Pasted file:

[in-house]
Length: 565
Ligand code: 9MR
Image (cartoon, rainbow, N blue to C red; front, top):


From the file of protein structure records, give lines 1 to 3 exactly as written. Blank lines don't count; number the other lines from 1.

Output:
[in-house]
Length: 565
Ligand code: 9MR